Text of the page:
People respond to vulnerability. For a brand to effectively say “sorry” requires the self-awareness of genuinely recognizing where it went wrong, and what it can do better. Chipotle drew further attention to its lack of honest self-criticism with its attempt to court lost patrons by offering them free burritos — hardly compelling compensation for making people ill with burritos.

This cloying effort at rectification rang hollow — and inauthentic. Chipotle’s brand is about disrupting the fast food space by offering healthy and wholesome food. Off-brand free coupons were inconsistent with a brand whose customers embraced a higher price point in exchange for quality — the same customers were aggravated by Chipotle’s attempt to woo them back by engaging in “base humor” on its Twitter account. Joking about marijuana and sexual “side pieces” on Twitter, and offering free burritos to customers who had fled because of concerns about food quality left consumers wondering who Chipotle was, and what they stood for.

Despite their stock price and public perception getting hammered, Chipotle’s lack of self-awareness continued when, in 2017, they repeated the same mistakes. Another illness broke out in one of its restaurants; instead of immediately addressing the issue, Chipotle ignored people tweeting about the incident, and continued to blithely tweet out promotional deals.


How Brands Can Effectively Apologize

In 2007, JetBlue bet wrong on an East Coast ice storm that left tens of thousands of passengers stranded. While competitor airlines cancelled flights well in advance, JetBlue tried to preserve service; when the storm intensified, staff, equipment and passengers were stranded in a mess that took over a week to sort out.

JetBlue is a brand with a well-defined story, and they leaned into it to execute a successful on-brand apology. Rather than waiting five weeks like Chipotle, JetBlue CEO David G. Neeleman immediately publicly apologized. Not only that, he took full responsibility for the delays and cancellations, explaining exactly how they had happened, and why JetBlue was to blame: Neeleman was transparent, authentic and genuine about his role in the crisis.

Not only did JetBlue take responsibility — in a credible way, by explaining how they were at fault — they immediately offered to repair the wrong by giving substantial compensation to everyone affected, at a cost of tens of millions of dollars. The company also published a “Customer Bill of Rights” which ensured that any future passengers with a delay or cancellation would be fairly compensated. This generous remediation was perfectly on-brand for a company that had built its reputation on superior customer service.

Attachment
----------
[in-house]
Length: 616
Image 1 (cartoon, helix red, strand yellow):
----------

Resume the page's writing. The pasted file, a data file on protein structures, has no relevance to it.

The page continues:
With its authentic apology offered in multiple media outlets and on YouTube, JetBlue was able to restore and even enhance its brand reputation, as consumers responded positively to their transparency and aggressive attempt to make amends. The generous compensation also lent credibility to JetBlue’s assurances that they would reorganize their workforce and update their technology to ensure the same problems wouldn’t happen in the future.


Being True to Brand

Most brands will never issue an apology that costs millions of dollars. But not all authentic apologies have to be expensive. KFC recently had to temporarily shutter two thirds of their stores in the UK due to a chicken shortage that arose when they altered their supply chain. In response to the store closings, #KFCCrisis was quickly trending on Twitter. KFC took complete responsibility for their mistake, but did so in a way that was reflective of the fact that it was just a minor inconvenience to would-be patrons, and embodied their irreverent, fun brand personality.

They took out an ad with the word “FCK” on a bucket of their chicken, with the text below, “WE’RE SORRY. A chicken restaurant without any chicken. It’s not ideal. Huge apologies to our customers … It’s been a hell of week, but we’re making progress, and every day, more and more fresh chicken is being delivered to our restaurants. Thank you for bearing with us.”

This cheeky but sincere apology was quickly trending on Twitter, with people who didn’t even like KFC applauding the brand. The genuine expression of vulnerability, and the relatable “FCK” gave credibility to KFC’s promise that they were fixing the problem as soon as possible. The success of KFC’s apology highlights the importance of a brand evincing their own distinct story and personality in their apologies — and a reminder that despite what the online mobs say, not all crises should be dealt with at the same volume.

Brands must accept they live in a moment where public reckonings happen at the speed a tweet. The #metoo movement illustrates the perils of inauthentic or hedged apologies; they only bring further derision. Brands are not immune from the justice of online crowds, and they need to be prepared to respond quickly and credibly in order to protect their hard-earned brand equity. The success of movements like #metoo, and the increased humanization of brands, will only increase the public’s appetite for demanding accountability in this manner. But, by knowing who they really are, and what they stand for, brands can offer authentic apologies that resonate even in a world where people have 140-word attention spans.

Kelly Sarabyn is a manager at Woden. Whatever your storytelling needs may be, Woden can help. Read our extensive guide on how to craft your organization’s narrative, or send us an email at to discuss how we can help tell your story.